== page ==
Standing above the dead animal now removed all doubt about its identity: it was the mutilated remains of the little dog.
Now at this juncture in the story, I must admit to making three critical errors in judgment. The first mistake being a tactical miscue of the gravest consequence:
When in immediate danger, never — EVER — give away your position.
I kneeled and brushed the hair on the little dog’s head, gently tugging at an ear. When the ear came off in my hand, I stood and shouted at the pathetic creature, “Jesus God! What happened to you?”
My angry outburst echoed from house to house, zigzagging like electrical sparks from a frayed wire. In response, a minor disturbance emanated from a shadowy patch in the yard across the way, a disturbance that captured my immediate attention.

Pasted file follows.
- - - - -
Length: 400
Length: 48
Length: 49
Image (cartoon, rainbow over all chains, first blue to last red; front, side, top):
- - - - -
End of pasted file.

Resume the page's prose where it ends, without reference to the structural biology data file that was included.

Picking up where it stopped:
Staring into the blackness, my head craned forward, my eyes straining to see, I watched the terrifying mass of an impossibly large dog emerge from the shadow, muscles rippling beneath the taut skin, the corpse of a cat hanging in a downward crescent from its mouth.
Stumbling back in disbelief, I regarded the monstrosity with horror. The animal could not possibly exist. As black as the inside of a grave, it was like a dark defector from the mist-shrouded moors of Grimpen Mire, and it didn’t belong — not in this neighborhood at least.
I shouted at the animal. “Go on…Get out of here. Get lost!” but my words had little effect.
The second of my three mistakes was having butter fingers.
I fumbled in my pocket for the pepper spray, clutched it in my hand, only to let it slip from my fingers and drop into the water still gushing through the gutter below.
“No!” I cried, dropping to one knee and plunging my hands into the watery torrent, fingers groping through the muddy flow but not finding the canister.